Chesknok Red, a purple-striped hardneck garlic
As fall approaches, thoughts turn to garlic. Growing your own garlic is easy and the cloves are tastier than what you purchase in a grocery store. Typically, garlic is planted in October in the Washington DC metro area but I have planted as late as Thanksgiving Day. You may find “seed” stock (the garlic you buy to plant, not the garlic you buy in a grocery store to eat) at independent garden centers, farmers markets, online seed companies or specialty garlic companies. If garlic at your favorite seed company is sold out, try a company that specializes in garlic because they have more inventory. Continue reading
The American Horticultural Society (AHS) dropped a bomb on Friday, right before the Labor Day weekend. In an e-mail that was sent to AHS members (of which I am one), they stated that they are experiencing financial challenges and are considering merging with the American Public Gardens Association (APGA) in Pennsylvania. To accomplish this, they plan to sell River Farm. River Farm is a historic 25-acre property along the Potomac River in Alexandria, Virginia. Once the merger is complete, APGA will make the final determination about the continuation of various AHS programs.
Many moons ago, I worked for the AHS on River Farm as an editorial assistant. It was a lovely place to work, not only because of the gardens but also because of the historic home. We had staff meetings in the parlor and lunch in a real kitchen. When I first started, the magazine’s office was the master bedroom but we later moved upstairs in the carriage house. I had my own office, which was great for growing plants indoors. This was before the Internet so in addition to writing and copyediting for the magazine and (then) newsletter, I also answered members’ gardening questions via phone and mail. At the time, River Farm was vibrant with parties, guests, and events. Weddings were not possible when I was there but eventually the property became available for weddings for additional revenue. Local garden clubs, including the Potomac Unit of the Herb Society of America, of which I am chair, had meetings in the ballroom. Eventually I left but visited often and have taken many photos of the gardens. When my children were little, I brought them to the gardens to play. As a local horticulturist, I attended networking events under the wedding tents. I attended the spring plant sales and the Christmas receptions where the staff went to great lengths to make beautiful Christmas trees. In fact, I was just there a few months ago, taking photos of their beautiful sunflowers. I had noticed that the wildflower meadow was not in good shape but I assumed it was because of the pandemic; the house was still closed.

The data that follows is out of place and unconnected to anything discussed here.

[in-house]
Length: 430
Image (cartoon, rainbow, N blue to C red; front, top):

I will be sorry to see River Farm sold, it was a lovely garden to visit and a great place to take the family. I am hoping The American Gardener magazine will continue, as well as the reciprocal admissions program (RAP). RAP allows AHS members free admission to participating public and botanical gardens across the country. I for one was looking forward to visiting as many public gardens as I could with my AHS membership card in hand after this pandemic. I hope the APGA keeps this benefit as well as the magazine.
The message in the e-mail is also a statement on the AHS website. On Sunday, Beth Lawton, publisher of the Alexandria Living Magazine wrote an article about this including the reaction of the neighborhood residents. I am sure many people are talking about this, it is such a game changer. According to her article, the property will be up for sale soon at an estimated $15 to 30 million. Maybe our new neighbor, Jeff Bezos, would be interested in buying River Farm. After all, it is a straight shot from the new Amazon headquarters in Crystal City.